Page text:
bhutan

Bhutanese_women stand in line outside a polling station

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Bhutanese women queue outside a polling station in Paro on Friday waiting to cast their vote. Bhutan began its parliamentary election, only its second, after officials trekked for up to seven days to reach voters in the most remote corners of the Himalayan kingdom

Bhutanese women, in traditional costume, wait to cast their vote for the nation's second parliamentary election, outside a polling station at Martang, Bhutan, Tuesday, April 23, 2013. The remote nation of 700,000 had its first election in 2008 after the king voluntarily reduced the monarchy's role in running the country. A total of 67 candidates were competing Tuesday for the 20 elected seats in the 25-member upper house. The five remaining seats are filled by royal appointment.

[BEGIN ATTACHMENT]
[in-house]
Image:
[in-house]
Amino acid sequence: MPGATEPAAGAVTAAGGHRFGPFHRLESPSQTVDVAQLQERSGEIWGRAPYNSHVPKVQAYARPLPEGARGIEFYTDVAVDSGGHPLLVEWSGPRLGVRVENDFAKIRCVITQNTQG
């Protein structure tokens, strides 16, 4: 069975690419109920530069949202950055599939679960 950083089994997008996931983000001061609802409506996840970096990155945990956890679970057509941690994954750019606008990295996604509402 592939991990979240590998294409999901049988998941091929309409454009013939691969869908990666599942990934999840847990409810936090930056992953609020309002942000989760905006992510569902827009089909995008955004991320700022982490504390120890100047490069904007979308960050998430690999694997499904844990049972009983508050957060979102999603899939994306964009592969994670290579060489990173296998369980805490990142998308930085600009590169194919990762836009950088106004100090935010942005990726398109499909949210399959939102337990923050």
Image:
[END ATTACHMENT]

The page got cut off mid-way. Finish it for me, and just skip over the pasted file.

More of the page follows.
Anupam Nath/AP

Bhutanese women, in traditional costume, wait to cast their vote for the nation’s second parliamentary election, outside a polling station at Martang, Bhutan. The remote nation of 700,000 had its first election in 2008, after the king voluntarily reduced the monarchy’s role in running the country. A total of 67 candidates were competing on Tuesday for the 20 elected seats in the 25-member upper house. The five remaining seats are filled by royal appointment.